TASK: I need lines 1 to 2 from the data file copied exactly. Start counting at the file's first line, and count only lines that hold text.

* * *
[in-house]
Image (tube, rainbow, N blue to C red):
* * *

[in-house]
Image (tube, rainbow, N blue to C red):